Florida Adopts New Summary Judgment Standard

Informed counsel, and sophisticated clients, know that rules of procedure—although not the most exciting aspect of civil litigation—can be incredibly important.  Genuine understanding and command of the Florida Rules of Civil Procedure set apart merely adequate representation from exceptional counsel.  Although the rules themselves rarely change significantly, a potentially major change has been brewing all year.  Largely unknown to the general public, the Florida Supreme Court indicated its intention to wholly adopt the federal summary judgment rule, FRCP 56, set forth by the U.S. Supreme Court in Celotex Corp. v. Catrett, 477 U.S. 317 (1986).  Although textually similar to its federal counterpart, Rule 1.510, Florida Rules of Civil Procedure, has been more broadly interpreted by state courts and, overtime, a chasm grew between the two summary judgment standards.  Until now, the Florida summary judgment standard put a heavy, and some would have said near-insurmountable, burden on the movant, arguably requiring a defendant to disprove a claim, even a dubious one.  Not surprisingly, the effect was that trial courts regularly denied motions for summary judgment, deferred on rulings, or otherwise faced reversal at the appellate level for granting summary judgment.  Often, the practical result created cases that lingered for years, condoned lazy discovery, increased litigation costs, and allowed even the most unsupported claims to lament or otherwise to proceed and waste precious and limited resources (i.e., the time and expense of jury trials and, particularly, jurors themselves).  

The Florida Supreme Court recognized the chasm, contrary to the original intent of the rule, and expressly sought to rectify the issue.  The Court’s timing could hardly be better.  Without the ability to conduct jury trials for almost a year, and many still awaiting trial, rectifying Florida’s summary judgment standard comes in the middle of an unprecedented backlog.   In some cases, the life of cases has doubled and, naturally, so has the cost of litigation.  Perhaps more importantly, the Court’s efforts stand to benefit all sides of litigation, potentially streamlining some cases and placing a priority on genuine disputes.  While overly simplistic, the amended Fla. R. Civ. P. 1.150  emphasizes the trial court’s responsibility to rule on matters of law and, in the case of jury trials, leave genuine factual disputes to the jury.  Conversely, where there is no genuine dispute as to a material fact, the amended rule compels the trial court to dispose of meritless cases.  Importantly, the amendment should not be any detriment to genuine disputes, cases with true merit; in fact, this change is likely to help press such matters toward resolution, either to trial or to settlement.  Instead, the amended rule potentially empowers trial courts, circuit and county judges, to resolve dubious actions, afford immediate remedy to differing legal interpretations, and tailor civil matters to triable issues; and, in turn, re-emphasizing counsels’ responsibilities to be active in their pre-suit case selection, case management, investigation, and discovery.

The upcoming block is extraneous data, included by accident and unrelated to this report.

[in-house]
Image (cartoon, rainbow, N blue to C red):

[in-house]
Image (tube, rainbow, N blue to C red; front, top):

In sum, it seems likely that the Florida’s new summary judgment standard could have a significant effect on pending and future cases.  Here are just five key points to know about the change:

  1. Summary Judgment is no longer discretionary.  The most subtle change is also perhaps the most significant.  Where there is no genuine issue of material fact and entitlement exists as a matter of law, the trial court “shall grant summary judgment,” emphasizing the trial court’s role in tailoring triable issues, being the gatekeeper for dubious cases, and even perhaps compelling the courts to make pronouncements on arguable legal issues before trial. See Fla. R. Civ. P. 1.510(a);
  2. The trial court cannot merely deny or grant summary judgment.  It is now required to “state on the record the reasons” for granting or denying.  Perhaps arguably so, where a question of fact precludes summary judgment or a disputable application of law exists, the trial court is now expressly instructed to provide an explanation for its rulings. See Fla. R. Civ. P. 1.510(a).  Substantive guidance from the Court, be it legal or factual, adverse or helpful, is almost always immediately useful towards case resolution;
  3. Counsel can no longer support or oppose a summary judgment with mere argument, conjecture, or bare allegations.  Although this was arguably always so, now stated expressly, both the moving party and the opponent will need to support their positions with materials from the record or a substantive proffer, a meaningful showing.  Although that material need not be ultimately admissible, the change should force counsels to recognize legal elements and be prepared to materially support claims with substantive evidence, from nearly the outset of a suit. See Fla. R. Civ. P. 1.510(c);
  4. Trial courts are now expressly empowered, by rule, to sanction a party OR counsel that submits or opposes summary judgment with an affidavit or declaration made in “bad faith or solely for delay” See Fla. R. Civ. P. 1.510(h); and
  5. The new rule applies to ALL pending cases and litigants may even specifically move for reconsideration of any summary judgment denied pre-amendment, if the action is still pending.

In re Amends. To Fla. Rule of Civ. Proc. 1.510, No. SC20-1490, 2021 WL 1684095, at *4 (Fla. Apr. 29, 2021).

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